My dad, Ezra Smith, wrote lots of letters to the editor. Many were provocative or funny or both. And the editor knew it was a letter from Ezra Smith because three of the letters on his 70-year-old manual typewriter didn’t work.

I still have that typewriter, and I treasure it. It is a Smith Corona, but he painted over that and made it an Ezra Smith. When Dad died, I found that he’d kept every letter that had been printed in the newspaper and elsewhere, organized by decade. I’m going to share some of his thoughts with you today.

One of my favorites included this: “With all the discussion about dogs by our Legislators recently do you suppose it would be a good thing for our State to put a leash and muzzle on the politicians and let the State go to the DOGS?”

I hunted for 53 years with Dad, and he gets credit for making me a conservationist. In a 1980 letter he wrote: “The Maine wildlife does indeed belong to all Maine people. It is time that all Maine people started paying for their protection. The sportsmen have supported the Fish and Wildlife Department all by themselves long enough.” I spent many years trying to achieve that, without succeeding.

Here’s another strong conservation statement from Dad, printed in Down East magazine: “May I respond to your February letter writer from Sacramento, California, who thinks the proposed dam on the Penobscot is right. It seems that he has been away from Maine too long and has perhaps lost some of his good Maine common sense. I suggest that he build all the dams he wants in California, while we in the meantime will fight to keep Maine the most beautiful state of all as he admits it is.”

He often spoke out against increases in moose and deer permits, chemical spraying of road sides, Sunday hunting, and smoking. When the Department of Inland Fisheries and Wildlife spent a lot of money on a dam in west Mount Vernon, Dad wrote that “a couple of beavers at the site would have done the job for free.”

In 1969, Dad wrote to the mayor of Auburn with a check for $2 to pay his fine for improperly parking for a spring basketball game there. “I was most humiliated by this action, and disappointed,” Dad wrote. He suggested that an officer should have been available to help with parking, noting “certainly no one knowingly wanted to violate your ordinance. It was bad enough to risk our automobile on the approach road (in Winthrop it would have been closed as impassable) but to be fined for improper parking was really Socking it to Us,” he concluded. The mayor sent Dad’s money back to him.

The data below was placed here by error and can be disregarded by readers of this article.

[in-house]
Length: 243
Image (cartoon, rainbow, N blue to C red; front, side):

In 1989, Dad wrote that he’d been reading a history of a Maine town, and in 1855, this poem was written about the two political parties: the Fusionists and the Liberals.

“O what a war of words there’ll be, Twixt tweedledum and tweedledee, How demagogues will rant and strain, And vulgar masses shout amain, How dandy orators will blow, About the country’s weal or woe, Tell what to do in such a crisis, To check advance of public vices, Achievements might as well be done, In declamation: yet the sun, will rise in spite of all they say, And set as usual every day.”

Dad’s conclusion: “134 years later, some things never change, do they?”

Boy, you got that right, Dad.

I will say that Dad sometimes offered humbling statements before letting people know they were doing something wrong. I particularly liked this statement: “I owe my existence, at least in part, to an old country doctor who came to my rescue in a horse drawn buggy. Due to his primitive delivery, I probably am not even programmed right or qualified to make judgements.”

And how about this bit of wisdom? “Old age is definitely not the best years of our life. We are supposed to be senile along with many other shortcomings. I believe I have reached that stage. For example, my wife is going for a permanent today (hair do). It will last about three months. Our legislature enacted a temporary one cent sales tax that will no doubt last forever. Now, please tell me, has the meaning of permanent and temporary changed places? Or am I indeed just old and confused. I sort of hope permanent does mean temporary. I would like to think my stay at the funeral parlor is just that – and I will soon be out and about again.”

Now you know where I got my strong opinions, along with a desire to share them with you.

George Smith can be reached at 34 Blake Hill Road, Mount Vernon, ME 04352, or [email protected]. Read more of Smith’s writings at www.georgesmithmaine.com.

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